I just wonder what people will use to toilet train puppies.
Juliet: You're absolutely right. I haven't found a viable local source of news on the Internet. The AzCentral is there, of course, but it's filled with the same problems the AzRepublic is.

Bryan: Flirt.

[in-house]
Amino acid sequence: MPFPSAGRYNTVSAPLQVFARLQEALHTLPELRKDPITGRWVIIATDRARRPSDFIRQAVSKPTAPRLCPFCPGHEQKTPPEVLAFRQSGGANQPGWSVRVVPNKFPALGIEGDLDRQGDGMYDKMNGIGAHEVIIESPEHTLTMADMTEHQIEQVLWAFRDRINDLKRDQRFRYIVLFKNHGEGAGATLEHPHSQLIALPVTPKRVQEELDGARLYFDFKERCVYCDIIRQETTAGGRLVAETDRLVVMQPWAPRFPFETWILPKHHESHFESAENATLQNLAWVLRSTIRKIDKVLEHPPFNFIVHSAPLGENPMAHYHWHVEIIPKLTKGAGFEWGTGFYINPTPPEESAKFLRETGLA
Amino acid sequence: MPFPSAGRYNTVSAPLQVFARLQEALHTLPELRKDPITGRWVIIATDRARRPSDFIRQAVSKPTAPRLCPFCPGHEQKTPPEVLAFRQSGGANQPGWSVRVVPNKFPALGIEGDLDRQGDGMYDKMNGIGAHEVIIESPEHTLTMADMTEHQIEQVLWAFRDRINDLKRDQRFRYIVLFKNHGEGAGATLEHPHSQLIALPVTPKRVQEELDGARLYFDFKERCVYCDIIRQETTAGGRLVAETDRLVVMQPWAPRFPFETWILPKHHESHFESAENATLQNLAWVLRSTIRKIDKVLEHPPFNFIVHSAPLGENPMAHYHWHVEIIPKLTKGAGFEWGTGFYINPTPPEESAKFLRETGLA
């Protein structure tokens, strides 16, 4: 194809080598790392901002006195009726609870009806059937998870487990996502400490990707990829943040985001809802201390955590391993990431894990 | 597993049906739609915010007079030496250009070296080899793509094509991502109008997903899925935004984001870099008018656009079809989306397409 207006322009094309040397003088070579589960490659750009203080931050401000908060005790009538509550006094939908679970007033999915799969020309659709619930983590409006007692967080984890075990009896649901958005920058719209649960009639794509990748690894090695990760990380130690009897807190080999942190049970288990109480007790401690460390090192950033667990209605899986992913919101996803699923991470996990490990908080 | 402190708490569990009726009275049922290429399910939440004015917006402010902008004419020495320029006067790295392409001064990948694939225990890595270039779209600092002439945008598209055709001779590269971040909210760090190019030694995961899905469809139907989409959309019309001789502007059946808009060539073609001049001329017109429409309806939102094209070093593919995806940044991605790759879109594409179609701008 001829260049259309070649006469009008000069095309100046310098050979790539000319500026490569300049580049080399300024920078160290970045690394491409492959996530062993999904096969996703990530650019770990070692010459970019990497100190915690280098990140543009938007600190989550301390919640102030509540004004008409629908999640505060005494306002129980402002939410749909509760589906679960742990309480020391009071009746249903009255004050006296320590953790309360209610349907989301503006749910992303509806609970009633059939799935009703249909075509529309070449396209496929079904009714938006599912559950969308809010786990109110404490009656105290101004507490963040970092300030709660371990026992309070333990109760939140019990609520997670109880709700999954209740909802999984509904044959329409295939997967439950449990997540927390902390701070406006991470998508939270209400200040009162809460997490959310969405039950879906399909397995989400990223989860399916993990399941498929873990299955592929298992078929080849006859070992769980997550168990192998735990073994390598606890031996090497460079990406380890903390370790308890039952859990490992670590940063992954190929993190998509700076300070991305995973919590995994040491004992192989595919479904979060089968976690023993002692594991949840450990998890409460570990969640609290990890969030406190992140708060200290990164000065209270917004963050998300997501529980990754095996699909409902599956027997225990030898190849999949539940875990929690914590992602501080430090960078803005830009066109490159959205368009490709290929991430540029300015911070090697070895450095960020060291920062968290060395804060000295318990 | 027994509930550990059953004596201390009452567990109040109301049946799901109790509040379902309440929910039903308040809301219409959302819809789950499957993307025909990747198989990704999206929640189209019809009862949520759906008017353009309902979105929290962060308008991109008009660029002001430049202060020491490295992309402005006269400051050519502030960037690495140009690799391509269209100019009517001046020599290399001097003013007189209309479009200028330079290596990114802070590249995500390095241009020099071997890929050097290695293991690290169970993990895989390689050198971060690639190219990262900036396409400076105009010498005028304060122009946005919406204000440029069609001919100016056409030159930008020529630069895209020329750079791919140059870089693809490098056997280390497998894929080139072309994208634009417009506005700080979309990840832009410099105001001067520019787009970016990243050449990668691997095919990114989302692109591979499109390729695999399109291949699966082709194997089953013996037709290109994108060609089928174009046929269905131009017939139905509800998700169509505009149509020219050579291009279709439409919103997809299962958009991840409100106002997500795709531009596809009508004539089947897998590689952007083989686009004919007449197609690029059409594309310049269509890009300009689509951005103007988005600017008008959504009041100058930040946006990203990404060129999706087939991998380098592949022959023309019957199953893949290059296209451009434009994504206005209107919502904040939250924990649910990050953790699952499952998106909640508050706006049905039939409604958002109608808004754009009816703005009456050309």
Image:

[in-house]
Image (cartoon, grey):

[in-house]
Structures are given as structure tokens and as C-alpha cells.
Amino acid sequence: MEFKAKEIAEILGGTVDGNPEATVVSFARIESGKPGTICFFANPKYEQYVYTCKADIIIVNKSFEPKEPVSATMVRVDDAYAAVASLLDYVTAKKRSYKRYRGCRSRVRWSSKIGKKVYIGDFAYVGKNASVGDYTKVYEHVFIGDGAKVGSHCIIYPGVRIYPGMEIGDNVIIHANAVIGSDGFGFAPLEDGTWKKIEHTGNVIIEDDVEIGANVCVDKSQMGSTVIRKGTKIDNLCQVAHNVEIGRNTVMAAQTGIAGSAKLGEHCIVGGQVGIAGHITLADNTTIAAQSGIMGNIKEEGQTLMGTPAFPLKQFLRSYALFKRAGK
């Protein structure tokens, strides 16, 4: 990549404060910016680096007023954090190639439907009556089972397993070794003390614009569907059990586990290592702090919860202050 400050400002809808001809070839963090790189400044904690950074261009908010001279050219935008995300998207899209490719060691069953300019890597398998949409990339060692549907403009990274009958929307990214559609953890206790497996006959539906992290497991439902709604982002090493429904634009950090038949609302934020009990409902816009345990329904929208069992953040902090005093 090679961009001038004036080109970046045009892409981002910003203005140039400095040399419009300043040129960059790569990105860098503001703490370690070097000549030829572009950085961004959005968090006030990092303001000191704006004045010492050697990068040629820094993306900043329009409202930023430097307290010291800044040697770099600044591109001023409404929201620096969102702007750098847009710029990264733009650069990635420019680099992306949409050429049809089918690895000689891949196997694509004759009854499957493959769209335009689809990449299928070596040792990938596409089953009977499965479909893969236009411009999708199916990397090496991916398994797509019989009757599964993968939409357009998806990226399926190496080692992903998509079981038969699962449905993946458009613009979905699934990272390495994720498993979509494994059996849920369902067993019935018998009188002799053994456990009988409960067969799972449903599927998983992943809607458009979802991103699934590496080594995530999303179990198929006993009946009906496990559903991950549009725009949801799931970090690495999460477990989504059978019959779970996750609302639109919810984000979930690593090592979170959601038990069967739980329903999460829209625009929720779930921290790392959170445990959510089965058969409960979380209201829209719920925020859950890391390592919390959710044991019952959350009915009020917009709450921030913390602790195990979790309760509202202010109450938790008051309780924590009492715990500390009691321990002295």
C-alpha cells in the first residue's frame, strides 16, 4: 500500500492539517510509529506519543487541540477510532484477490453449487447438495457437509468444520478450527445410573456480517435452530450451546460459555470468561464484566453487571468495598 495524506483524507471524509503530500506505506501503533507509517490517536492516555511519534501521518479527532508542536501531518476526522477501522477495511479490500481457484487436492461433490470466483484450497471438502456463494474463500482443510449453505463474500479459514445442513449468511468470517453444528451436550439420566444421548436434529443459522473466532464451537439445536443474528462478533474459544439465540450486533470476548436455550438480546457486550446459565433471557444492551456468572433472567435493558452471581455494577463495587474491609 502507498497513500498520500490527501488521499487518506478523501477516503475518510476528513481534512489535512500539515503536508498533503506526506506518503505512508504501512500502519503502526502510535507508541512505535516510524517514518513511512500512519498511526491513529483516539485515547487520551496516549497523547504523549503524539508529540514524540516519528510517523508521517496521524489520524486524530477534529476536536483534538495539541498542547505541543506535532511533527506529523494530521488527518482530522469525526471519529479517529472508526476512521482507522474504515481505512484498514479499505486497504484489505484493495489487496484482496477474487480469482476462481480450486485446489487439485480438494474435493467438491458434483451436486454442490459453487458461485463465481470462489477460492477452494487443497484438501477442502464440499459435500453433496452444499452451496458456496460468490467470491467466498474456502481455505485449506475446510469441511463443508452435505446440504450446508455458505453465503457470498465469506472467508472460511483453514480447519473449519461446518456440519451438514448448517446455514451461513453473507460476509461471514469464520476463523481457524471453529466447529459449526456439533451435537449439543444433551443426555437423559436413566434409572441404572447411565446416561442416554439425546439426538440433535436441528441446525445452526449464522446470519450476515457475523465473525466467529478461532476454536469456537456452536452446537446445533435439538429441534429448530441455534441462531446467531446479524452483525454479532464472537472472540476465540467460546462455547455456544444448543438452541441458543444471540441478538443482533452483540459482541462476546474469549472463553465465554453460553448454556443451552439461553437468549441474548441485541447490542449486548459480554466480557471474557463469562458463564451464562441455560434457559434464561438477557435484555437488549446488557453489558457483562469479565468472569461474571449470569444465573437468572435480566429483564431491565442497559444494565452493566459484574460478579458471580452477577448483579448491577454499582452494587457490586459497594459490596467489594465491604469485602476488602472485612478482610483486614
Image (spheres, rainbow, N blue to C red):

Let's hope that with the loss of print newspapers we don't lose the PRINT JOURNALISTS WHO wrote them, researched them sat through endless city council meetings and doggedly tracked down stories on the streets, in offices, in dodgy neighborhoods, in police stations and fire stations and people's homes and offices and...well, you get the picture. I am on line all day practically when I am not walking, shopping, working out at the gym and attending the various things I like to do--so I will probably not miss the print newspaper, but we better make sure the integrity and ethical qualities linked with sure and true writing capability of our journalists segways into the on line journalistic explosion we presently experience and will continue to experience in the future.